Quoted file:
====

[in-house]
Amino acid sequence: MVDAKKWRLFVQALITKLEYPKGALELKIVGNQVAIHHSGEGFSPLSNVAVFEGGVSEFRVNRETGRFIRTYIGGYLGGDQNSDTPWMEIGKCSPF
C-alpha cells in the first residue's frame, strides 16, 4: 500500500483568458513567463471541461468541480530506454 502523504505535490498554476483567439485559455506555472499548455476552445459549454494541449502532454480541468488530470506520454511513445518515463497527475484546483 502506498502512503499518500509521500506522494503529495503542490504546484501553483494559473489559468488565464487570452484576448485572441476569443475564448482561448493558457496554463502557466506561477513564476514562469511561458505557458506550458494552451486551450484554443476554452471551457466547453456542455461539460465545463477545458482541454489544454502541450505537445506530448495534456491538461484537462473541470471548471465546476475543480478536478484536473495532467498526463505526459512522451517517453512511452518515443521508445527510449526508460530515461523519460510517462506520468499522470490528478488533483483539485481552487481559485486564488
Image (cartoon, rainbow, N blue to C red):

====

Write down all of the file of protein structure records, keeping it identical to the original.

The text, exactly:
[in-house]
Amino acid sequence: MVDAKKWRLFVQALITKLEYPKGALELKIVGNQVAIHHSGEGFSPLSNVAVFEGGVSEFRVNRETGRFIRTYIGGYLGGDQNSDTPWMEIGKCSPF
C-alpha cells in the first residue's frame, strides 16, 4: 500500500483568458513567463471541461468541480530506454 502523504505535490498554476483567439485559455506555472499548455476552445459549454494541449502532454480541468488530470506520454511513445518515463497527475484546483 502506498502512503499518500509521500506522494503529495503542490504546484501553483494559473489559468488565464487570452484576448485572441476569443475564448482561448493558457496554463502557466506561477513564476514562469511561458505557458506550458494552451486551450484554443476554452471551457466547453456542455461539460465545463477545458482541454489544454502541450505537445506530448495534456491538461484537462473541470471548471465546476475543480478536478484536473495532467498526463505526459512522451517517453512511452518515443521508445527510449526508460530515461523519460510517462506520468499522470490528478488533483483539485481552487481559485486564488
Image (cartoon, rainbow, N blue to C red):